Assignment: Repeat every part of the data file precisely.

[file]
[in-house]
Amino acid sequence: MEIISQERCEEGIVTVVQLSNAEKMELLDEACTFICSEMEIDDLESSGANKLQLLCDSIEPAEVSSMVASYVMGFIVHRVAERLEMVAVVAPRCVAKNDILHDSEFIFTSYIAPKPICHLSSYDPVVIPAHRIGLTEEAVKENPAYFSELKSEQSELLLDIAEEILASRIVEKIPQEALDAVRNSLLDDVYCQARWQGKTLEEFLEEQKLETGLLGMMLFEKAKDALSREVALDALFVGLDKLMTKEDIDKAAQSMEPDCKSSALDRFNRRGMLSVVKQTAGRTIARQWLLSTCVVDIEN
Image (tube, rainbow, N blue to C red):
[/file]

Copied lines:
[in-house]
Amino acid sequence: MEIISQERCEEGIVTVVQLSNAEKMELLDEACTFICSEMEIDDLESSGANKLQLLCDSIEPAEVSSMVASYVMGFIVHRVAERLEMVAVVAPRCVAKNDILHDSEFIFTSYIAPKPICHLSSYDPVVIPAHRIGLTEEAVKENPAYFSELKSEQSELLLDIAEEILASRIVEKIPQEALDAVRNSLLDDVYCQARWQGKTLEEFLEEQKLETGLLGMMLFEKAKDALSREVALDALFVGLDKLMTKEDIDKAAQSMEPDCKSSALDRFNRRGMLSVVKQTAGRTIARQWLLSTCVVDIEN
Image (tube, rainbow, N blue to C red):